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Ladbroke v William Hill

[1964] 1 All ER 465

Case summary last updated at 29/01/2020 15:20 by the Oxbridge Notes in-house law team.

Judgement for the case Ladbroke v William Hill

C, William Hill, claimed copyright in their football betting coupons; alleged D, Ladbroke, had infringed this. Question was whether coupons were an ‘original literary work’. D argued there was no copyright in the coupons, on basis that there was distinction between:
i)       preliminary work
-        i.e. deciding what to sell
-        in this case, making a decision of which bets to include
ii)     recording this work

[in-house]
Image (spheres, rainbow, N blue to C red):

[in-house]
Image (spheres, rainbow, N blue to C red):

-        i.e. deciding how to sell it
-        in this case,putting those bets on paper.
D claimed only second stage was relevant for purposes of copyright; and that so little skill was involved in recording result of the preliminary work onto paper that no copyright could subsist in it.

Held: 
Originality
·        “Originality” relates to the expression of a thought.
·        To be original, no requirement for original or inventive form.
Ø  Must simply be case that work has originated from the author.
·        With regards compilations, originality is a matter of degree depending on amount of skill, judgment or labour involved in making compilation.
 
Constituent Parts
·        Value of work as a whole is relevant when considering originality.
·        Thusnot possible to split constituent parts of work of making coupons.
Ø  no need that preliminary work done should have as sole or even main object the preparation of a document.
Ø  Suffices that it is an object.
·        Case might be different if preliminary work was done with no intention of later writing this down.
 

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